Fair Salary Review
Fight for a fair salary review
Whether you work to live, or live to work, money is important. Find out how to fight for a fair salary review;
Many people feel underpaid and, therefore, undervalued by their current employer. In lots of these cases they have made numerous requests for a pay review to no avail, hence they contact us! Interestingly, many of these are then offered a pay increase when they hand in their resignation! This in itself needs to be managed carefully - if you would like our advice on this, check out our ‘How to handle a counter offer’ article.
Obviously it is ideal to have a regular review of your performance and salary in which you and your employer can discuss your objectives, achievements, progression and remuneration. If you do not have this scheduled as standard then you should ask your manager if it is possible to schedule a meeting for this purpose at an appropriate time in the year.
When broaching the subject of a salary review you should:
Know your market
You need to do your research into what your competitors pay (remember to consider if the company is comparable and the full package available, basic, bonus, pension, health, gym, socials etc). Find out what the level of demand is for a candidate of your skills and experience if you were on the market.
Know your value
You need to be confident in yourself but with good grounds. You need to be able to demonstrate your value with specific examples and details e.g. contracts you have negotiated, cost savings you have made, projects you have delivered, specialist skills and knowledge you have etc.
Be reasonable and not confrontational
You should approach your salary review with an open mind and be willing to listen to your employer’s reasoning. You want to demonstrate you are an asset that deserves reasonable remuneration and not demanding or above your station. A confrontational approach is likely to be unsuccessful and detrimental to your overall progression.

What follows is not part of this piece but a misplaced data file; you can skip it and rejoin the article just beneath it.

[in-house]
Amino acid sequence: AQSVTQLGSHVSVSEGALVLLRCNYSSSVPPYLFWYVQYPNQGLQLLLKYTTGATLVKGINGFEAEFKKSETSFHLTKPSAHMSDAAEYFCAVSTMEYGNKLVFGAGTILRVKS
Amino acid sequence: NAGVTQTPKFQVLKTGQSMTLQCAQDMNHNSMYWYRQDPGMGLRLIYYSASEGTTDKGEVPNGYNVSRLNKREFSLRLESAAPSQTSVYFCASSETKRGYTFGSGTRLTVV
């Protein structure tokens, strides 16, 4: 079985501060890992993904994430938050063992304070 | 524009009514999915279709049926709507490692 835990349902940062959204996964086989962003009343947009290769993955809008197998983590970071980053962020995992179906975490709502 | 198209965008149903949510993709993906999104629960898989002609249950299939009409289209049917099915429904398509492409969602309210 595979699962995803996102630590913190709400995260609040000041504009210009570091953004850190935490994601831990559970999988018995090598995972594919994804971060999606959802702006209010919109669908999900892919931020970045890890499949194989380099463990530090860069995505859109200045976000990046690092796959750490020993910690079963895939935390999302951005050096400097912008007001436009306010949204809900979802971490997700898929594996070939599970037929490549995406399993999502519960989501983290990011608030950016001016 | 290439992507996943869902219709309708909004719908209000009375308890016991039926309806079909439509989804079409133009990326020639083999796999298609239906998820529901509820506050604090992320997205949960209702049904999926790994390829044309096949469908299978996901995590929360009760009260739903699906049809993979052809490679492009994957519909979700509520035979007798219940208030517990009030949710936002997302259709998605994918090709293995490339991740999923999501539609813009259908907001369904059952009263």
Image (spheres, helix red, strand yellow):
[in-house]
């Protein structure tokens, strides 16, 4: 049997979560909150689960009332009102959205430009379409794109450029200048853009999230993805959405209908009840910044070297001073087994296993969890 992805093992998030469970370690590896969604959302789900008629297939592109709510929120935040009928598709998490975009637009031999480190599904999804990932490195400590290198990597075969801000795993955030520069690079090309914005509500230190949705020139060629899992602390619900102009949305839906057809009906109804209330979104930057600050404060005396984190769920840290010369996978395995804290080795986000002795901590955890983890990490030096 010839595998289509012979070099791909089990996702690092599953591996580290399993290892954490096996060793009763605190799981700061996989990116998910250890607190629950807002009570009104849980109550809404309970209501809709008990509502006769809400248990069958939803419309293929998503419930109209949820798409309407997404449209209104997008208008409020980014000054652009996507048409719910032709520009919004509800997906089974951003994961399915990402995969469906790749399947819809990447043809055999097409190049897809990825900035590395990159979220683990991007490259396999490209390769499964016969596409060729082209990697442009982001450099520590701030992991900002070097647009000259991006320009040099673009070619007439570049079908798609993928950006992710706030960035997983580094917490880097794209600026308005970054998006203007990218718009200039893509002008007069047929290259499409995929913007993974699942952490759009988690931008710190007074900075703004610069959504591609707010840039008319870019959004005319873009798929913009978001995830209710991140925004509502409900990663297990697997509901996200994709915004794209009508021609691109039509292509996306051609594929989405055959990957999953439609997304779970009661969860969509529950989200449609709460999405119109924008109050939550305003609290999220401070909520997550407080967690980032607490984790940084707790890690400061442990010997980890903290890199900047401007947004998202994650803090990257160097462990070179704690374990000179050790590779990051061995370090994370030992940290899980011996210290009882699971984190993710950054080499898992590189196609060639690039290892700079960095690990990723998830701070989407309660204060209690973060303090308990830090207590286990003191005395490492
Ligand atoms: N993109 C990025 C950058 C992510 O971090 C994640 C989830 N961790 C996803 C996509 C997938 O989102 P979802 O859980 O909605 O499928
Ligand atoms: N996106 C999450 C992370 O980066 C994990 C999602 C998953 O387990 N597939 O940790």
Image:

Be clear and confident
Plan exactly how you are going to bring it up and practice the exact wording. Some people find talking money difficult and you do not want to get flustered and start waffling when getting to the crux of the point. Succinctly state what you would like and why you feel it is deserved and reasonable.
Be prepared for success and disappointment
If you are successful, be positive and appreciative without going over the top. You want to leave room for future negotiations.
If you are not successful in your salary review, you can tell them you are disappointed but you should keep it professional. Do not go down the road of ultimatums, comparisons with colleagues or emotional rants. You could ask if it is possible to review the situation again in 3 or 6 months, perhaps even be willing to suggest some deliverables or KPI’s for you to work towards in order to reopen the discussion.
If you have taken the above steps and after taking everything into account, you conclude you would like to look for another job, you can at least be confident you have given your current employer the chance to pay you what you’re worth and keep you.
We are always happy to give objective confidential advice on matters such as this, so please do feel free to get in touch if you would like some help on how to approach a salary review, to get an idea of your market value or if would like to know what opportunities are out there for you.